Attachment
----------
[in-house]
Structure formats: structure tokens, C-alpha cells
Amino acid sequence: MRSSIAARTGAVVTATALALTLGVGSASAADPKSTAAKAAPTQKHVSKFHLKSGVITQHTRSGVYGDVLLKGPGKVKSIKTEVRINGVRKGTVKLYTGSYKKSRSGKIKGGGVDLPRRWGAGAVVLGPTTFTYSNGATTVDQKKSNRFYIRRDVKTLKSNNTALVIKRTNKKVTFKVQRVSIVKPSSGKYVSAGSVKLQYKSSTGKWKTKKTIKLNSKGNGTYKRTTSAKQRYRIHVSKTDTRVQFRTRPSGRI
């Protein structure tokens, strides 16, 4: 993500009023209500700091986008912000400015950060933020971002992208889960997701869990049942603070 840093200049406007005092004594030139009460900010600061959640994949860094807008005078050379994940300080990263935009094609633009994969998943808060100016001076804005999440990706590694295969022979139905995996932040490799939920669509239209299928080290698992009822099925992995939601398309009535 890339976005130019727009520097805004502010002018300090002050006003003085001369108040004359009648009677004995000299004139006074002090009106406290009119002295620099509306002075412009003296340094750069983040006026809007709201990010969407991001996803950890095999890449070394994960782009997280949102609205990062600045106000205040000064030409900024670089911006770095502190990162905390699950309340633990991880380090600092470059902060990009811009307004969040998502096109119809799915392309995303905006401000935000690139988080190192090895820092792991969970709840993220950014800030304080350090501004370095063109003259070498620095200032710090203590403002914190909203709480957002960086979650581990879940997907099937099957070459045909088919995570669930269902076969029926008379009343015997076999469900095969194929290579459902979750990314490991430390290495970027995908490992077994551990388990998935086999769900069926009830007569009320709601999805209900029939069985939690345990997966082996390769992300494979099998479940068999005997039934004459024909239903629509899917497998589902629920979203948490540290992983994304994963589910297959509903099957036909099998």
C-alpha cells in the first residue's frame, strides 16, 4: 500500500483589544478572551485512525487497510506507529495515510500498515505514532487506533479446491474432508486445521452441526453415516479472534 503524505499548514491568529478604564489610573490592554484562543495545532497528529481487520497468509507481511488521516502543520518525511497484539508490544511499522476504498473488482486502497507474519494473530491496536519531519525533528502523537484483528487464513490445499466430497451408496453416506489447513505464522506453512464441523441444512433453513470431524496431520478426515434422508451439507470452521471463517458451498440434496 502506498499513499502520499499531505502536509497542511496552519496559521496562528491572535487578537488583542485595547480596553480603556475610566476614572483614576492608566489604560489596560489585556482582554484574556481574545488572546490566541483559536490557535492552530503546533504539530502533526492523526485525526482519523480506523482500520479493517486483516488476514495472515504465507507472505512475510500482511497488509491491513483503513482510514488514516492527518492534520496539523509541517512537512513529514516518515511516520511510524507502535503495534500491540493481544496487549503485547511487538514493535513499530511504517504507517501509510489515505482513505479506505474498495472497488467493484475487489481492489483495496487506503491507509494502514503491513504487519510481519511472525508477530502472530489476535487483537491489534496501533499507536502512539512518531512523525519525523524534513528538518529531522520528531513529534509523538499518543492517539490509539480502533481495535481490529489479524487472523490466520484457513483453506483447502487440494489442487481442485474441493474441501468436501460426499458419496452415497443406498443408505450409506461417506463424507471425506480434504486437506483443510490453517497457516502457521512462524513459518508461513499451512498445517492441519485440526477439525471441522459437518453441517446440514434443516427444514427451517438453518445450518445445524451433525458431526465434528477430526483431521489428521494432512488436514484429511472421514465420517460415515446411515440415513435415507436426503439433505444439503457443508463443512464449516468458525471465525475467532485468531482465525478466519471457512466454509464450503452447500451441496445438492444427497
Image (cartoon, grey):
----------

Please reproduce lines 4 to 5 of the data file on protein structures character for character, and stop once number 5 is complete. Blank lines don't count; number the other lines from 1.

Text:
């Protein structure tokens, strides 16, 4: 993500009023209500700091986008912000400015950060933020971002992208889960997701869990049942603070 840093200049406007005092004594030139009460900010600061959640994949860094807008005078050379994940300080990263935009094609633009994969998943808060100016001076804005999440990706590694295969022979139905995996932040490799939920669509239209299928080290698992009822099925992995939601398309009535 890339976005130019727009520097805004502010002018300090002050006003003085001369108040004359009648009677004995000299004139006074002090009106406290009119002295620099509306002075412009003296340094750069983040006026809007709201990010969407991001996803950890095999890449070394994960782009997280949102609205990062600045106000205040000064030409900024670089911006770095502190990162905390699950309340633990991880380090600092470059902060990009811009307004969040998502096109119809799915392309995303905006401000935000690139988080190192090895820092792991969970709840993220950014800030304080350090501004370095063109003259070498620095200032710090203590403002914190909203709480957002960086979650581990879940997907099937099957070459045909088919995570669930269902076969029926008379009343015997076999469900095969194929290579459902979750990314490991430390290495970027995908490992077994551990388990998935086999769900069926009830007569009320709601999805209900029939069985939690345990997966082996390769992300494979099998479940068999005997039934004459024909239903629509899917497998589902629920979203948490540290992983994304994963589910297959509903099957036909099998």
C-alpha cells in the first residue's frame, strides 16, 4: 500500500483589544478572551485512525487497510506507529495515510500498515505514532487506533479446491474432508486445521452441526453415516479472534 503524505499548514491568529478604564489610573490592554484562543495545532497528529481487520497468509507481511488521516502543520518525511497484539508490544511499522476504498473488482486502497507474519494473530491496536519531519525533528502523537484483528487464513490445499466430497451408496453416506489447513505464522506453512464441523441444512433453513470431524496431520478426515434422508451439507470452521471463517458451498440434496 502506498499513499502520499499531505502536509497542511496552519496559521496562528491572535487578537488583542485595547480596553480603556475610566476614572483614576492608566489604560489596560489585556482582554484574556481574545488572546490566541483559536490557535492552530503546533504539530502533526492523526485525526482519523480506523482500520479493517486483516488476514495472515504465507507472505512475510500482511497488509491491513483503513482510514488514516492527518492534520496539523509541517512537512513529514516518515511516520511510524507502535503495534500491540493481544496487549503485547511487538514493535513499530511504517504507517501509510489515505482513505479506505474498495472497488467493484475487489481492489483495496487506503491507509494502514503491513504487519510481519511472525508477530502472530489476535487483537491489534496501533499507536502512539512518531512523525519525523524534513528538518529531522520528531513529534509523538499518543492517539490509539480502533481495535481490529489479524487472523490466520484457513483453506483447502487440494489442487481442485474441493474441501468436501460426499458419496452415497443406498443408505450409506461417506463424507471425506480434504486437506483443510490453517497457516502457521512462524513459518508461513499451512498445517492441519485440526477439525471441522459437518453441517446440514434443516427444514427451517438453518445450518445445524451433525458431526465434528477430526483431521489428521494432512488436514484429511472421514465420517460415515446411515440415513435415507436426503439433505444439503457443508463443512464449516468458525471465525475467532485468531482465525478466519471457512466454509464450503452447500451441496445438492444427497